2 oz. apple brandy

1/2 oz. orange curacao

1/2 oz. Benedictine

1/2 oz. lemon juice

Shake well with ice and strain in to a chilled cocktail glass.

(“The PDT Cocktail Book”, from Hugo Ensslin’s “Recipes for Mixed Drinks”, 1916)

 

“De La Louisiane”

This was a very good, warming drink with a hint of refreshing absinthe…

2 oz. rye whiskey

3/4 oz. sweet vermouth

3/4 oz. Benedictine

3 dashes absinthe

3 dashes Peychaud’s bitters

Stir well with ice and then strain in to a chilled cocktail glass.

Garnish with a maraschino cherry or 3

(“The PDT Cocktail Book”, from Stanley Clisby Arthur’s “Famous New Orleans Drinks”, 1937)

 

“Widow’s Kiss”

This was another good drink.  This drink wasn’t all that special, but it’s not bad if you’re looking for a nice, smooth stiff drink…

2 oz. apple brandy

1/4 oz. yellow Chartreuse

1/4 oz. Benedictine

2 dashes Angostura bitters

Stir well with ice and then strain in to a chilled cocktail glass.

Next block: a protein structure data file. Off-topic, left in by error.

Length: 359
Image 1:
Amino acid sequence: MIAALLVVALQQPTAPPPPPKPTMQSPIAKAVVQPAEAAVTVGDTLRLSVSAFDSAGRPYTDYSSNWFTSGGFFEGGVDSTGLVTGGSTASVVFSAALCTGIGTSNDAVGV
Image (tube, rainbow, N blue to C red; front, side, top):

(“The PDT Cocktail Book”, from George Kappeler’s “Modern American Drinks”, 1895)

About these ads

8 Comments on “A very, very good book”

  1. Been trying to get a hold of this book for ages, damn UK not getting it as soon as it is released!

    The widows kiss has for a long time been my go to drink if someone wants something with yellow chartreuse in it!

    This forum is a good resource for all things PDT book related.

    http://forums.egullet.org/index.php?/topic/141096-the-pdt-cocktail-book/

    Great post and photos!

    • Thanks! I bought my copy at Barnes & Noble a few weeks ago. Can you just order it from their website? Won’t they mail it to the UK?